Not to be outdone by their bigger competitors, several mid-size cinema chains have banded together to create their own Web site hawking movie tickets and giving information on show times and theater locations.
The new venture, dubbed Fandango.com, enters a crowded market. It is competing with the likes of such well-known sites as Hollywood.com, MovieTickets.com, Tickets.com and MovieFone.com. And there’s no sign that profits are on the horizon for any of these sites. Indeed, Reel.com, which was purchased in 1998 by Hollywood Video for $100 million, recently pulled the plug on its Web site, which had sold videos and DVDs and provided movie news, reviews and show times.
Still, that’s not discouraging the seven movie exhibitors, many of them based in L.A., from launching Fandango.com sometime this summer. Its test site is slated for launch in the next few weeks.
The company, dubbed Fandango Inc., is a partnership between Loews Cineplex Entertainment, Regal Cinemas, Carmike Cinemas, Cinemark Theatres, General Cinema Theatres, Edwards Theatres and Century Theatres. Collectively, these chains make up more than 40 percent of the U.S. movie-going market, company officials said.
Heading up Fandango Inc. will be Art Levitt III, recently named president and chief executive. Levitt, currently president of Disney Regional Entertainment and former president and chief executive of Hard Rock Caf & #233; International, starts his new job July 1.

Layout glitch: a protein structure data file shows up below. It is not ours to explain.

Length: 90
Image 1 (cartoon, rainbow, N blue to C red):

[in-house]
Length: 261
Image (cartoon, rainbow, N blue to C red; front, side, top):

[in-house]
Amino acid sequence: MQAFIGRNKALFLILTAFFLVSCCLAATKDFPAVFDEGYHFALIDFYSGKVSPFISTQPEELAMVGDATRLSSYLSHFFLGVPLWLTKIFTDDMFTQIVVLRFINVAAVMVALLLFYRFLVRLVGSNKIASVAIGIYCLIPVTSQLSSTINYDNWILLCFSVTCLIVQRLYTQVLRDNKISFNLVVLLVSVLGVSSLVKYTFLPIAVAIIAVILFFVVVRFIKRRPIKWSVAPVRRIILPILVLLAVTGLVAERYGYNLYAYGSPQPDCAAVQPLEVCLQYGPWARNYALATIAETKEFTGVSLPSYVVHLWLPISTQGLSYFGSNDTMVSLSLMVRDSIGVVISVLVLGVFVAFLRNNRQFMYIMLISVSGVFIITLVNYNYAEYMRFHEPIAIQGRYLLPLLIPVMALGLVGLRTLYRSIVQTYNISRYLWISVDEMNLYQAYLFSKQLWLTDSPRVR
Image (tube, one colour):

“This will be the only site where you will be able to purchase tickets to the movie theaters of these seven exhibitors outside of these theaters,” Levitt said.
However, moviegoers also will still be able to purchase movie tickets to Loews, General Cinema, and Edwards cinemas on MovieFone.com for at least a year until the contracts between those chains and the Web site expire.
Andrew Jarecki, chief executive of MovieFone.com, which was purchased by America Online last year, said he isn’t worried about the competition from Fandango.com, which will be based in Los Angeles. He said MovieFone sells movie tickets for 25 to 30 exhibitor chains across the country and has 3 million unique visitors a week that use the Web site or order tickets by telephone.
“I don’t think it will affect us at all,” Jarecki said from his headquarters in White Plains, N.Y. “I think the main issue here is, the public has a big appetite for movie-going.”
Hollywood.com executives say they aren’t concerned, either. That company sells tickets for AMC Theatres, the biggest exhibitor in the country. Hollywood.com has never sold tickets for the seven movie exhibitors forming Fandango.com.
“We were not as interested in having exhibitors that competed with each other in the same market,” said Mitchell Rubenstein, chairman and chief executive of Hollywood.com.
While Fandango is debating whether to charge movie-goers a fee for purchasing tickets online, Hollywood.com and MovieFone.com charge no fee for online purchases. They make their money through e-commerce sales of movie-related merchandise, by selling banner ads on their sites, and by charging exhibitors a fee for each ticket sold online.